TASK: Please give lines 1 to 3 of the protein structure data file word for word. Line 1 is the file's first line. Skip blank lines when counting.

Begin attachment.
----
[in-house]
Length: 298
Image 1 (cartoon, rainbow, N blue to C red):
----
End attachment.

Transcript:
[in-house]
Length: 298
Image 1 (cartoon, rainbow, N blue to C red):